Cannabis and Corruption: The Financial Tragedy of Calaveras County

The rollout of legal cannabis in California has been anything but smooth. Between the complicated laws throwing the industry into a tizzy, the high application expenses to run a legitimate cannabis business and the lack of financial services, the cannabis industry in California isn’t just experiencing growing pains—it’s going through a transformation. But there’s a rural county in Northern California that’s made this chaotic time substantially messier. After passing laws in 2016 for commercial cannabis cultivation, Calaveras County Board of Supervisors reversed its decision on Jan. 10, 2018—after taking more than $5,000 from more than 700 applicants.


A whole new set of officials replaced the previous Board of Supervisors who put Measure C—the ordinance to regulate commercial cannabis—on the ballot. Two members of the previous board retired, and the other three didn't receive enough votes to be elected back into office. Little did residents know how badly the changing of the guard would affect the local cannabis community.


According to reports across news outlets, such as the SacBee, Leafly, Calaveras Enterprise and Mercury News, the current Board of Supervisors isn’t planning to return the $7.5 million acquired in registration fees to the applicants. The ordinance reversal doesn’t just effect cultivators, either. While the previous Board of Supervisors was in office, the county hired additional police and staff with the expectation of additional cannabis tax revenues.


Considering Calaveras County is a rural, agriculture-oriented community with a population of 45,515, this financial blow is beyond devastating. Most applicants already invested and began building-out their cultivations sites. Residents who applied aren’t only worried about what their next move is—they’re trying to figure out how to survive.


Calaveras resident Burch Shufeldt dropped out of school in 2006 to grow in the rural Northern California community to supply a Santa Cruz dispensary. After Measure C passed in 2016, he invested $1 million for two properties at a total of 220 acres, while the landowner financed the location, according to Leafly. Shufeldt paid $88,000 in cultivation taxes, $15,000 in fees in 2016 and 2017 for two permitted outdoor sites, with one renewal permit fee. He’s not getting any of that money back and is struggling to find ways to avoid living in poverty.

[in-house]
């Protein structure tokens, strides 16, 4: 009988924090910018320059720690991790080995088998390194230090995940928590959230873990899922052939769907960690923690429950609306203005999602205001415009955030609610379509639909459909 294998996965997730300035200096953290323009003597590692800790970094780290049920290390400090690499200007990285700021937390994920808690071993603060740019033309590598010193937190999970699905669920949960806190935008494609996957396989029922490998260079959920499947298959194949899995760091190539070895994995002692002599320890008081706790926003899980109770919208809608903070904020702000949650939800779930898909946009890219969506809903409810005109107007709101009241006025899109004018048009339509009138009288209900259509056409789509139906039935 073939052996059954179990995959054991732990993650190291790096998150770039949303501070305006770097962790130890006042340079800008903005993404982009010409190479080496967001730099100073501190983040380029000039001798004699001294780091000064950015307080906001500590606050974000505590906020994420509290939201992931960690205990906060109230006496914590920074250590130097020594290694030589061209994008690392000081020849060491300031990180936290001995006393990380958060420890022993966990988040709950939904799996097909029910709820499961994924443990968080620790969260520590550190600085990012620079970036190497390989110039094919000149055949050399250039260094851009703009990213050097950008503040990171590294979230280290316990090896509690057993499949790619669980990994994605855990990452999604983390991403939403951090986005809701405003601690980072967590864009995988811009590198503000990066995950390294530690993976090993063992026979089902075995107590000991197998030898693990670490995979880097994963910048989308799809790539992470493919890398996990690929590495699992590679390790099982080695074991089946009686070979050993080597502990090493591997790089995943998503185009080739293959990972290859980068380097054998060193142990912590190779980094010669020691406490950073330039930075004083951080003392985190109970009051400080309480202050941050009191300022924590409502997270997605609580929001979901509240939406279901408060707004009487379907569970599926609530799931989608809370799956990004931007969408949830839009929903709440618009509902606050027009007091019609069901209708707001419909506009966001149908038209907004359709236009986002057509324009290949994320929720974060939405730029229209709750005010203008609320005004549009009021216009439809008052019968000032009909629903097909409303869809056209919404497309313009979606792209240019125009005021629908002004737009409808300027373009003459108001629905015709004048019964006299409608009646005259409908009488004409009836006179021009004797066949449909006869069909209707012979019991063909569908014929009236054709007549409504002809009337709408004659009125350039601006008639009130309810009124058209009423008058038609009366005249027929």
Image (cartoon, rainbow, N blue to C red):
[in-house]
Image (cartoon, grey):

“[The Board of Supervisors] pulled a bait and switch,” says Jina Kim, a Santa Ana-based cannabis attorney who represents several clients in Calaveras County. “People have cumulatively spent millions of dollars on their cultivation sites. Their livelihoods are now on the line because of the Board of Supervisors’ blatant corruption.”


The county planning department estimated that nearly 1,600 commercial cannabis growers were operating in the region by mid-2017—most of who were already licensed by the county thanks to the voter-approved Measure C, an ordinance passed in Nov. 2016 allowing for commercial cultivation. The move to ban cannabis businesses means every grower must halt all operations by May 1.



Kim explains that families of cannabis growers live in Calaveras County. In other words, generations of cannabis cultivators have made their living from this for decades. Commercial cultivation is what tons of residents dreamed of for years. The ordinance reversal, Kim explains, makes these people criminals in the eyes of the law.


“These peoples are not criminals,” she contends. “They have families and work just like you and me to provide for them… What this does is create space for the black market to grow.”


Most longtime Calaveras resident cultivators have only grown black market cannabis because, until Jan. 1, 2018, that’s what the cannabis landscape was. Thus, it’s likely many will do that again when and if finances allow; with the hope of not getting shut down by law enforcement.


In the late summer of 2015, Calaveras suffered the wrath of the Butte Fire, which destroyed over 850 homes. It’s considered the most significant natural disaster in the county’s history. But it’s what lead to the county’s cultivation boom. The following spring, marijuana farms began to bloom throughout the hills and among the scorched trees, as cannabis speculators saw the charred land an opportunity to purchase cheap properties devalued by the fire.


Calaveras still isn’t fully recovered from the devastation. But the income commercial cannabis would have brought to the region was a means of lifting the community out of economic anguish. Nearly 2,000 cultivators are now dealing with an entirely different tragedy—one that’s affecting a significant portion of the 45,000 person population.


“People are moving out of Calaveras, the county is going to be in debt, and they’re going to get sued,” says Kim. “This all could’ve been avoided.”